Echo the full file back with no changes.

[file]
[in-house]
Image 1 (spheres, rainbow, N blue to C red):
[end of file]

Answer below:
[in-house]
Image 1 (spheres, rainbow, N blue to C red):